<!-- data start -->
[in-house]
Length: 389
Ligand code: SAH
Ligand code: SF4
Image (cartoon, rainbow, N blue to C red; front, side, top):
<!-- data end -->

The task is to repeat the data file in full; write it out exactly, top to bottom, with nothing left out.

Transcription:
[in-house]
Length: 389
Ligand code: SAH
Ligand code: SF4
Image (cartoon, rainbow, N blue to C red; front, side, top):